Tesla (NASDAQ:TSLA) is not joining the rally in electric vehicle (EV) stocks. Shares of TSLA stock opened down by 3% on Dec. 5. Now, the company is down more than 50% year-to-date (YTD) as investors worry about growing competition and CEO Elon Musk’s obsession with Twitter.
But there’s trouble in paradise. Let’s dive into what investors should know.
TSLA Stock: Rise of the Mid Market
While Tesla dominates the luxury electric vehicle market, its least-expensive car still sells for around $46,000. That price is being undercut.
BYD (OTCMKTS:BYDDY) now dominates the mid market for EVs in China. While Tesla still leads in total sales, BYD — famously backed by Warren Buffett of Berkshire Hathaway (NYSE:BRK-A, NYSE:BRK-B) — is growing faster.
This is something I have been writing about for years. As the market broadens, affordability matters. To put an American analogy to it, you want to be a Ford, not a Lincoln. BYD is only now starting to export to Europe, where it’s undercutting Tesla on price.
Tesla may even have to worry about General Motors (NYSE:GM), which has a joint venture with Chinese state-owned SAIC and helps produce the Hongguang Mini. The Mini costs around $5,000 domestically and could become the next Volkswagen (OTCMKTS:VWAGY) Beetle. And VW is also anxious to make mass-market electrics for less than Tesla.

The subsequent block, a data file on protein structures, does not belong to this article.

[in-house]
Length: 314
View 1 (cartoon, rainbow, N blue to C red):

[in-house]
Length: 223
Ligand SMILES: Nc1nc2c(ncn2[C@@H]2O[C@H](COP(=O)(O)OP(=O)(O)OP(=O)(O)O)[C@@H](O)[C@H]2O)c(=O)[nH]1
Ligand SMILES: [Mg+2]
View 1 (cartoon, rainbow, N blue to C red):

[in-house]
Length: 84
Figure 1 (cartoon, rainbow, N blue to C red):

When Musk launched Tesla’s mass production in the last decade, he promised to deliver cars profitably, at a mass market price of $35,000. As with many of Musk’s recent promises, including the “hyperloop,” this promise has gone unfulfilled. The only new car due from Tesla next year is the huge, butt ugly Cybertruck, which faces competition from Ford (NYSE:F), GM and Rivian (NASDAQ:RIVN).
What Happens Next?
Investors buy tomorrow, not yesterday. Tesla has a credibility problem.
Tesla does retain advantages. It still leads in China, it still leads in batteries and it has factories churning out product on three continents.
But the industry posse is now hot on its heels. Meanwhile, TSLA stock still sells for 53 times earnings, 8 times sales and about triple the market capitalization of Toyota (NYSE:TM), which was previously the most valuable automaker.
On the date of publication, Dana Blankenhorn did not hold (either directly or indirectly) any positions in the securities mentioned in this article. The opinions expressed in this article are those of the writer, subject to the InvestorPlace.com Publishing Guidelines.